Sometimes though conditions like this can give tremendous skies with swirling mists and towering clouds and a landscape that fades and sharpens in the changing air. On such a day I wandered into Coire an Lochain and then along the rim of the Northern Corries over Cairn Lochan and Stob Coire an-t Sneachda. Fierce squalls brought sharp icy rain on a bitter wind. This was not a day to linger but one to stride out invigorated by the stormy weather.

Cairn Lochan
 
Many large snow patches still decorated the walls of Coire an Lochain, unusual in late July. One lay across the path that angles up the west side of the corrie. The snow was hard and icy and steep. Without ice axe or crampons I skirted below it then climbed up a moss-filled stream tumbling down beside the old dirty snow. Better wet feet than a slide onto boulders. A party descending worked their way along the upper edge of the snowfield, slipping and sliding on wet rocks and sodden moss. 

On Cairn Lochan the ragged mist tore through the cliffs and spread in waves across the summit. Views came and went as I followed the corrie edge. Distant hills suddenly appeared then abruptly vanished. At times I could see only a few yards, at others many miles. Gazing down a gully I followed the smooth bronze line of the Great Slab to the lochans that give the corrie below its name.

View down the Great Slab to Coire an Lochain
 
Descending via the Fiacaill a’Choire Chais I was enveloped in the densest mist of the day, blotting out all views. Then as the Coire Cas car park abruptly appeared not far below the sun briefly burst through and the clouds fled to the summits. By the time I reached the car it was raining again.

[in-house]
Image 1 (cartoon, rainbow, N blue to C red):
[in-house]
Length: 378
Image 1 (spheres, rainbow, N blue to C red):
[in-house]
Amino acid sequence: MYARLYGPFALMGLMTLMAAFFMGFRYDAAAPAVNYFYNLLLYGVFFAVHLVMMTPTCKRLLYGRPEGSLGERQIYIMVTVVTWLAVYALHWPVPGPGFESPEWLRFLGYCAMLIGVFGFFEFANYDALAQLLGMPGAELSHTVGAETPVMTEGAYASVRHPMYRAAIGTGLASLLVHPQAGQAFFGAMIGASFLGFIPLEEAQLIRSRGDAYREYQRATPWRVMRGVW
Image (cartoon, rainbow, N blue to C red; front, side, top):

Saturday, 25 July 2015

Red Squirrels


The red squirrels that visit our peanut feeders are usually very defensive and won't allow other squirrels on the same feeder. There are regular squabbles with the squirrel in possession of a feeder fending off hungry rivals. Sometimes the squirrels fall to the ground locked together with one then chasing away the other before returning to the feeder. Other squirrels just have to glance at the approaching squirrel and it backs off.

Very rarely two squirrels will feed together. This happened recently and the two squirrels were so similar I think they must be siblings. They were clearly used to being together, pushing against each other as they moved round the feeder.



Watching the squirrels is always a delight. Taking photographs of them makes me feel I'm doing something productive at the same time though actually I think the pleasure of just watching them is good for me anyway.

Friday, 24 July 2015

Terra Nova Elite 250 Sleeping Bag & Marmot Precip Jacket Reviews


On my last few wild camps I used Terra Nova's new lightweight Elite 250 down sleeping bag. My review of this reasonably priced bag has just appeared on the TGO website here.

 My review of the lightweight low cost Marmot Precip waterproof jacket is also now on the TGO website.

Monday, 20 July 2015

Map Decorations






Maps make great decorations. I’ve had various ones up on my office walls over the years, mostly stuck up with Blu Tack and often with pins poked in and lines scrawled on them – these are working maps. And in our hall there’s a framed OS 1:50,000 map of the local region that I look at regularly. 

Recently I was contacted by a company called Wallpapered.com about its bespoke map wallpapers and map canvases and offered one of the latter. The web site looked interesting so, intrigued, I asked for a canvas of my local area in green (other colours are available), which you can see above. The canvas is solidly mounted on board and looks really good. Various sizes are available, right up to 142.2 x 91.4cms . Mine is the 40.6 x 40.6 cm one.. The map is from the OS 1:50,000 – Wallpapered is an OS licensee. 

If you want something much bigger Wallpapered also offer wallpapermaps to any size. You could cover a whole wall or even a room with maps! I really like that idea. And the results would look much smarter than my stuck on maps – though I’d have to avoid the pins and pencil lines.

If you’re looking for some decorations or new wallpaper and fancy an outdoors theme Wallpapered is definitely worth a look.